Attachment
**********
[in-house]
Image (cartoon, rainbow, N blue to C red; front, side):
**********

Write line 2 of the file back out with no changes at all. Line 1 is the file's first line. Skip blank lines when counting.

Image (cartoon, rainbow, N blue to C red; front, side):